return result;

  }

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Comparision

Improve your comparision methods.

Based in the Airbnb guide points: 15.1, 15.2, 15.3, 15.5, 15.6, 15.7

  • Use === and !== over == and !=.
  • Conditional statements such as the if statement evaluate their expression using coercion with the ToBoolean.
    https://github.com/airbnb/javascript/blob/master/README.md#comparison--if

    if ([0] && []) {
      // true
      // an array (even an empty one) is an object, objects will evaluate to true
    }
    
  • User shorcuts for booleans.

    // bad
    if (isValid === true) {
      // ...
    }
    
    // good
    if (isValid) {
      // ...
    }
    
  • Ternaries should not be nested and generally be single line expressions.

    // bad
    const foo = maybe1 > maybe2
      ? "bar"
      : value1 > value2 ? "baz" : null;
    
    // split into 2 separated ternary expressions
    const maybeNull = value1 > value2 ? 'baz' : null;
    
    // better
    const foo = maybe1 > maybe2
      ? 'bar'
      : maybeNull;
    
    // best
    const foo = maybe1 > maybe2 ? 'bar' : maybeNull;
    
  • Ternaries should not be nested and generally be single line expressions.

    // bad
    const foo = a ? a : b;
    const bar = c ? true : false;
    const baz = c ? false : true;
    
    // good
    const foo = a || b;
    const bar = !!c;
    const baz = !c;
    

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Iterations

Handle the lopps in a functional style.

Based in the Airbnb guide points: 11.1

  • Don’t use iterators, prefer js higher-order functions instead of for / for..in

    // bad
    const increasedByOne = [];
    for (let i = 0; i < numbers.length; i++) {
      increasedByOne.push(numbers[i] + 1);
    }
    
    // good
    const increasedByOne = [];
    numbers.forEach((num) => {
      increasedByOne.push(num + 1);
    });
    

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Functions

How to handle functions in a modern way.

Based in the Airbnb guide points: 7.1, 7.5, 7.6, 7.7, 7.10, 7.12, 7.13

  • Use named arrow function expressions instead of function declarations.

    // bad
    function foo() {
      // ...
    }
    
    // bad
    const foo = () => {
      // ...
    };
    
  • Never name a parameter arguments..

        // bad
        function foo(name, options, arguments) {
          // ...
        }
    
        // good
        function foo(name, options, args) {
          // ...
        }
    ``
    - Never use arguments, opt to use rest syntax ... instead. 
    


    javascript
    // bad
    function concatenateAll() {
    const args = Array.prototype.slice.call(arguments);
    return args.join('');
    }

    // good
    function concatenateAll(...args) {
    return args.join('');
    }
    ``

  • Avoid side effects with default parameters..
    `javascript
    const b = 1;
    // bad
    function count(a = b++) {
    console.log(a);
    }
    count(); // 1
    count(); // 2
    count(3); // 3
    count(); // 3

    • Never mutate parameters. `javascript // bad function f1(obj) { obj.key = 1; }

    // good
    function f2(obj) {
    const key = Object.prototype.hasOwnProperty.call(obj, 'key') ? obj.key : 1;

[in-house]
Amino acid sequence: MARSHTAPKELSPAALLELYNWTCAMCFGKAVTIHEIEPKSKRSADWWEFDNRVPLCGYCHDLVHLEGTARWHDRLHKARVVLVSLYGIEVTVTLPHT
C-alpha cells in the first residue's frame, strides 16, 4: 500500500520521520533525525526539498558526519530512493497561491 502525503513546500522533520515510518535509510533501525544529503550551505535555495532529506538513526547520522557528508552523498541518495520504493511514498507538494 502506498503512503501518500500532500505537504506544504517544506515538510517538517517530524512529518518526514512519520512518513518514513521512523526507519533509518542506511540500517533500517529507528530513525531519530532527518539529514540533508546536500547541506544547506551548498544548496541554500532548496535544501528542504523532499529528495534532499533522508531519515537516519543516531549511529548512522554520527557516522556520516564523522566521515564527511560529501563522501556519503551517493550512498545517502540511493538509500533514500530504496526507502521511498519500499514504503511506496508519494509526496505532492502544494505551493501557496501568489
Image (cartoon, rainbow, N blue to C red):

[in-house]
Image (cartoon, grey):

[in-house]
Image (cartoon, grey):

``

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String

Best way to handle strings.

Based in the Airbnb guide points: 6.1, 6.2, 6.3, 6.4

  • Use single quotes '' for strings, don't mix with "".

    // bad
    const name = "Bart";
    
    // bad - template literals should contain interpolation or newlines
    const name = `Marge`;
    
    // good
    const name = 'Homer';
    
  • Use template string instead of concatenate string with values.

    const name    = 'Bart';
    const surname = 'Simpson';
    
     // bad
    const txt = 'hello mr. '+name+',  '+surname';
    
    // good
    const txt = `hello mr. ${name},  ${surname}`;
    ``
    **[⮬ back to top](#table-of-contents)**
    

Destructuring

Destructuring simply implies breaking down a complex structure into simpler parts.

Based in the Airbnb guide points: 5.1, 5.2, 5.3

  • Use destructuring when accessing and using multiple properties of an object.

    
    javascript
    // bad
    function getFullName(user) {
      const firstName = user.firstName;
      const lastName = user.lastName;
    
      return `${firstName} ${lastName}`;
    }
    
    // good
    function getFullName(user) {
      const { firstName, lastName } = user;
      return `${firstName} ${lastName}`;
    }
    
    
    
  • Use array destructuring.

    
    javascript
    // bad
    const first = arr[0];
    const second = arr[1];
    
    // good
    const [first, second] = arr;
    ``
    **[⮬ back to top](#table-of-contents)**
    

Arrays

Array manipulation practices.

Based in the Airbnb guide points: 4.1, 4.3, 4.4, 4.7

  • Is important to know this array prototypes: map, reduce, forEach, filter, find, push, pop, slice. https://developer.mozilla.org/es/docs/Web/JavaScript/Referencia/Objetos_globales/Array/prototype
  • Use the literal syntax for array creation.

    `javascript
    // bad
    const items = new Array();

    // good
    const items = [];
    `

    • Use array spreads ... to copy arrays: `javascript // bad const len = items.length; const itemsCopy = []; let i;

    for (i = 0; i < len; i += 1) {